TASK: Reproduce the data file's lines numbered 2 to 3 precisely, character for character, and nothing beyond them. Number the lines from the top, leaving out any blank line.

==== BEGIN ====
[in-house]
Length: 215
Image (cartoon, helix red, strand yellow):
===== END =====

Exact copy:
Length: 215
Image (cartoon, helix red, strand yellow):